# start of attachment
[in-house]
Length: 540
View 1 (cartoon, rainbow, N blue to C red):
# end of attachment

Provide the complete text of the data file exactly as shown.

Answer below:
[in-house]
Length: 540
View 1 (cartoon, rainbow, N blue to C red):